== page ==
I love mixing, recording and playing music so I refuse to stop, but I need to lower my levels and use protection. I am lucky with the amount of loss I am dealing with. If I manage to stop my loss from progressing(aside from age related) then by the time I am 60, my ears will just be normal again

There are also some pretty fantastic strides being made in the science fields in regards to hearing regeneration. They have found a way to regrow auditory hair cells in mice at MIT, if I recall. Then we enter a whole new mine field. If you mix just fine with hearing loss, would it mess you up and drive you crazy to hear perfectly again?

Don't stop doing what you love. Sure, I get very depressed about it and the ringing can drive me insane. The thought of yet another thing holding you back in such a long-shot of a dream job is an awful feeling. But whats worse to me than not being able to mix is not being able to listen to music I love again. I'd rather have my hearing and mix a little quieter than I want to.

Just know we are all in better company than we probably realize(there are more pro engineers than we know who have issues I am sure).
4k makes sense... we don't lose high end from excessive SPL we lose intelligibility/edge bet 4-6k..that's why people have trouble hearing people speak when they get loss in our mid high area ..we lose HF from age

i can tell when i get wax buildup... the best feeling in the world is after they pull out those nasty plugs
Old 4 weeks ago
  #45
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No, we can actually lost high end from noise. It is my case and the case of many other (young !) producers I know
Old 4 weeks ago
  #46
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howseth's Avatar
Pepino456 - Yes - using a mastering engineer (with reference tracks) for a final rendition is logical.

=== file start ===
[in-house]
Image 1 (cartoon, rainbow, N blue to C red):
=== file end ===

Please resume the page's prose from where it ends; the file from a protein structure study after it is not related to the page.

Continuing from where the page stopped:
Old 4 weeks ago
  #47
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Get an audio-gram of your hearing loss. Then during mixing and tracking have an EQ on the buss and compensate based on your audio-gram just as a routine check. Keep in mind monitoring proximity is something to consider but it will give you an idea of what a person with nominal hearing your mix is going to hear.
Old 4 weeks ago
  #48
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howseth's Avatar
Quote:
Originally Posted by chrischoir View Post
Get an audio-gram of your hearing loss. Then during mixing and tracking have an EQ on the buss and compensate based on your audio-gram just as a routine check. Keep in mind monitoring proximity is something to consider but it will give you an idea of what a person with nominal hearing your mix is going to hear.
Actually I did do something like that in Logic Pro X last month using an Aux send- and Logic Pro Channel EQ's - I made separate EQ's for my left ear and my right ear based on Audiology test information. I routed all my tracks to this EQ adjustment (DAW 3&4 - Stereo headphone out) while also routing all the tracks to my Mix bus - but without this extra EQ compensation - (DAW 1&2).

I suppose I could also place the compensated EQ's on the Mix Bus - instead of the separate stereo headphone output - As you suggested - and then just turn the EQ on and off to check the difference. The - 'What is 'normal'.

The Aumeo Device I bought this month - is a little electronic device you plug into between the audio interface and the headphones - and is a similar EQ compensation scheme. However the EQ adjustments are programmed within the Aumeo device - rather than in Logic Pro X.